The problem that we started tackling with housing in the beginning in the Bay Area and people being able to find it and apply for it is a big hairy problem and the Bay Area is very large. It has nine counties. It’s close to 8 million residents, 188 different cities, all these places have different processes, different ways of getting people access to housing so we had to figure out what is the group of people we can coalesce to initiate that change process.
Zach: In this city and county of San Francisco we took an agile approach to build the smallest possible thing. We started with San Francisco, which is a city and a county, so one city. We started with one group of housing developers and a small group of housing advocates. As Ro mentioned, if we had to try to do all the housing departments across the Bay Area, all at once, and all the housing advocates, and all the cities in the Bay Area, we would have gotten a lot of reasons why what we were trying to do wasn’t possible. We certainly heard those reasons as we coalesce with a small group, but by bringing a small group together and having them co-create a solution with us, we turned our community into our champions. And I think what is critical about the minimum viable community is that the concept is that we were then able to use that community that you built first to be advocates and go out into the broader community and expand your impact.
We then worked with additional housing developers in San Francisco and when those housing developers were able to see how pleased the first group of developers were with the work that we had done, they started to say things not like, “Common application? I don’t know, we got our own thing.” Instead they said, “How can we be a part of this? We see the benefit. We see our peers, people we trust are saying how great this system is, how can we be a part?” So bringing our developers in our first group into our second group allowed us to turn our community into our advocates and then after a couple of years, we’re building on top of the product, we started going to our neighboring communities. And we brought with us our partners from our existing community. We brought our partner from the city and county of San Francisco who were thrilled with the work we had done together who were so excited of scaling this to outside the border of the city and county. So we went and talked to the county of San Mateo and all 20 cities in the county. We started talking to folks in San Mateo county and the city of San Jose and by going to those communities with our existing community in tow as advocates, we were able to bring the wider community in and I think the secret and special sauce there was ensuring that we had folks that were trusted as we expanded into a larger footprint. And if we had tried to do this all at once in the entire Bay Area, I don’t think it would be possible to have the impact we have today.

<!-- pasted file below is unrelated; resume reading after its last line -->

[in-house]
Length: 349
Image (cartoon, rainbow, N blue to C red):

This is where we are at today. We have a system, a one-stop-shop for affordable housing that is spreading across the Bay Area. We have a clear roadmap to get to a single application, to get to a single listing portal. We are really excited about the work that we are doing in the Bay, and now, we are using that work to expand to an even wider community. So we are in conversations with folks in the 6 county Sacramento region, as well as in the 88 cities in LA county. And how are we able to have authentic conversations with those partners is bringing the community that we have been so successful here, there. We have built so many partnerships with nonprofits in the Bay Area that happen to operate across the state and those folks are coming with us as we go and talk about the impact we can have across a broader region and in doing so we are able to bring a much larger community in the state of California along the impact journey we are on.
5 Lessons Learned in Building Minimum Viable Communities
Roshen: I will highlight some of the lessons we’ve learned as we scaled it across the Bay Area and that can hopefully help you guys as you are also scaling similar solutions in your work. There are four key lessons we want to share with you all:
1. Start with a diverse set of enthusiasts.
We highlighted a bunch of the different stakeholders involved in this process, whether it’s city and county jurisdictional staff or housing developers or advocates as well as applicants themselves. So in terms of bringing together a group of enthusiasts, the main goal for us is to take the time to understand them. So to understand their various needs and motivations. Sometimes a city and county like San Francisco that really led this charge wants to actively solve a problem and make a process better for their residents. Other times the housing developers, for example, only want to solve a pain point of theirs and get eligible applicants into their units and not have vacant units, if there were vacancies for a month or two. And we really got to know the various enthusiasts and stakeholders and highlighted the common goals between them and even map some of the dynamics between the different stakeholder groups. For example, the housing developers had a role to report back to the city any time anyone was placed into a unit. And that process was very cumbersome. The developers wanted to do the reports back to the city but just saw it as a very burdensome process while they were also reporting back to their funding sources. And the city of course wanted to get reports from them. Highlighting those dynamics between stakeholders groups also helped us with solutions between them.